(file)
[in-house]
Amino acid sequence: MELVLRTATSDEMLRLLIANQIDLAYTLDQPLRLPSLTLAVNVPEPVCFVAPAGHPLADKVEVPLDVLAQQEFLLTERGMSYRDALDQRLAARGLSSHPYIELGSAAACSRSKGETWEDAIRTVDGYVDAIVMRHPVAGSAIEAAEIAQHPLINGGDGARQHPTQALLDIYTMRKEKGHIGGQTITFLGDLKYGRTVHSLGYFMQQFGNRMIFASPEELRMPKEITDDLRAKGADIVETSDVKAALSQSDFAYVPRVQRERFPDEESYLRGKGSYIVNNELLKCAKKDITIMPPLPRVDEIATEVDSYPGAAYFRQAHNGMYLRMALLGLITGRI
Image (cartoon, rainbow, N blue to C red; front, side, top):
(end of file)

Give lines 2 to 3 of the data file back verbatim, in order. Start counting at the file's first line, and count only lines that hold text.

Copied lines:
Amino acid sequence: MELVLRTATSDEMLRLLIANQIDLAYTLDQPLRLPSLTLAVNVPEPVCFVAPAGHPLADKVEVPLDVLAQQEFLLTERGMSYRDALDQRLAARGLSSHPYIELGSAAACSRSKGETWEDAIRTVDGYVDAIVMRHPVAGSAIEAAEIAQHPLINGGDGARQHPTQALLDIYTMRKEKGHIGGQTITFLGDLKYGRTVHSLGYFMQQFGNRMIFASPEELRMPKEITDDLRAKGADIVETSDVKAALSQSDFAYVPRVQRERFPDEESYLRGKGSYIVNNELLKCAKKDITIMPPLPRVDEIATEVDSYPGAAYFRQAHNGMYLRMALLGLITGRI
Image (cartoon, rainbow, N blue to C red; front, side, top):